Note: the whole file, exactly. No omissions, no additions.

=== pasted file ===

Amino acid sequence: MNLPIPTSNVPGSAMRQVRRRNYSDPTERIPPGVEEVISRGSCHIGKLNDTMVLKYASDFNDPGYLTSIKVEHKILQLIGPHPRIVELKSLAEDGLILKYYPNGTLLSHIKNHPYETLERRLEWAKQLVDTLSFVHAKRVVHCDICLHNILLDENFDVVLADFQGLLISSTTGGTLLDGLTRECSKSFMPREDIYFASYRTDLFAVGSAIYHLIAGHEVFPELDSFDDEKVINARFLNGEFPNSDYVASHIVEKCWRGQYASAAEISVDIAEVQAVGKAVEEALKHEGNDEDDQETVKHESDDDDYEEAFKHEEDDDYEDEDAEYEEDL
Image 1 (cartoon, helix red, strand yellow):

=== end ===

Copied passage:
Amino acid sequence: MNLPIPTSNVPGSAMRQVRRRNYSDPTERIPPGVEEVISRGSCHIGKLNDTMVLKYASDFNDPGYLTSIKVEHKILQLIGPHPRIVELKSLAEDGLILKYYPNGTLLSHIKNHPYETLERRLEWAKQLVDTLSFVHAKRVVHCDICLHNILLDENFDVVLADFQGLLISSTTGGTLLDGLTRECSKSFMPREDIYFASYRTDLFAVGSAIYHLIAGHEVFPELDSFDDEKVINARFLNGEFPNSDYVASHIVEKCWRGQYASAAEISVDIAEVQAVGKAVEEALKHEGNDEDDQETVKHESDDDDYEEAFKHEEDDDYEDEDAEYEEDL
Image 1 (cartoon, helix red, strand yellow):